Big pharma and the business of HIV/AIDS
Antiretrovirals have been a lucrative product for the world's biggest drugs companies
Wednesday 01 December 2010
The cost of treating HIV with antiretrovirals has plummeted during the past decade. Prices for the six most common initial treatments – or first-line drugs – in low and middle-income countries fell by between one per cent and 36 per cent from 2008 to 2009 alone, according to the World Health Organisation.
The declines are down to a variety of factors, including the production of generics or cheap copies of expensive drugs, and favourable pricing policies by pharmaceutical firms. But if you look beyond the headline figures for first-line treatments in poorer countries, it becomes clear that HIV remains big business for big pharma. HIV antiretroviral sales across the seven major markets of the US, Japan, France, Germany, Spain, Italy and the UK totalled $11.8bn (£7.6bn) last year, according to figures from the research firm Datamonitor.
That represents compounded annual growth of 10 per cent between 2005 and 2009. The US was the biggest market, booking $7.7bn in antiretroviral sales last year. France was the largest of the European markets, with sales of $1.1bn, while Japan was the smallest overall. In terms of patients, the number of people living with HIV across the seven major markets went from 1.4 million in 2001 to 1.8 million in 2009, with further increases expected in the coming decade. The US is forecast to hold on to first place, with Datamonitor expecting it to account for 60 per cent of sales across the seven markets in 2019. Japan is forecast to remain the smallest.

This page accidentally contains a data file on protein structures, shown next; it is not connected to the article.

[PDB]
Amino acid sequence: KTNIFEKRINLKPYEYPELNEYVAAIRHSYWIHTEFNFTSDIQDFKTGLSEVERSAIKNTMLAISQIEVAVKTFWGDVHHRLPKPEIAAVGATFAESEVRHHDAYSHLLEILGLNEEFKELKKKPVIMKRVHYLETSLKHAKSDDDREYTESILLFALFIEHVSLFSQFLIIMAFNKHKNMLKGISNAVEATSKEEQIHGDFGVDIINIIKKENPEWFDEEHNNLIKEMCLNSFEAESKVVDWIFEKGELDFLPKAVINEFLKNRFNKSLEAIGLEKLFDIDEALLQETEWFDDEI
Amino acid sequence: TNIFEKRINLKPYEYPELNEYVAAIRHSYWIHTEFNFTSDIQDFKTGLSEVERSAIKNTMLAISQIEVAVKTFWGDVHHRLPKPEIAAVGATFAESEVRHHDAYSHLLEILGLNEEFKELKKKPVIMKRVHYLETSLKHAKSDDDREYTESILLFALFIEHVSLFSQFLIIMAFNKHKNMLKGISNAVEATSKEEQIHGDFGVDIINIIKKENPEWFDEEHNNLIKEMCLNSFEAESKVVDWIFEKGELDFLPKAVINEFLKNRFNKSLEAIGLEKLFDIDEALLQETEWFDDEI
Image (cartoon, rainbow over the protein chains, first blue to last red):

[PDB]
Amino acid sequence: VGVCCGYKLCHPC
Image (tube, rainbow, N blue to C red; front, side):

The recent surge in growth was driven by the continued uptake of the Truvada drug, which is produced by California-based Gilead Sciences, and by Atripla, a combination of Truvada and Bristol-Myers Squibb's Sustiva treatment in a single pill. In 2009, Gilead notched up $2.5bn in Truvada sales; Atripla was just behind with $2.4bn in sales. In the US, Truvada boasts a market of share of 32 per cent of all prescriptions in its class of drugs. Atripla's share stands at 28 per cent.
More recently, the companies reported a rise in profits for the third quarter as sales of its core HIV drugs surpassed expectations. Sales of Truvada were up by 8 per cent to $668.7m, while Atripla sales soared by more than 20 per cent to $742.7m.
In the UK, GlaxoSmithKline (GSK) and the US group Pfizer joined forces in November last year to put their HIV business into a joint venture called ViiV Healthcare. With a portfolio of 10 available medicines, ViiV, which is 85 per cent-owned by GSK and 15 per cent by Pfizer, commands a 19 per cent share of the worldwide HIV drugs market. Its full-year figures will be published in February, but GSK's last annual report showed that sales of HIV medicines totalled £1.6bn last year.
Back in the US, Bristol Myers-Squibb's most recent results showed a 9 per cent rise in third-quarter sales for its Sustiva drug. The figures for rival group Merck are also impressive. Its lead HIV drug, Isentress, recorded worldwide sales of $278m in third quarter of 2010, an increase of 41 per cent on 2009.
Stephen Lewis, the former United Nations special envoy for HIV/Aids in Africa and current co-director of Aids-Free World, an international advocacy organisation, says the strength of the HIV drug firms shows that while treatment prices for low-income countries have gone down, companies have sought to offset the declines by continuing to market drugs at high prices in richer markets – a part of the HIV/Aids story that is often overlooked.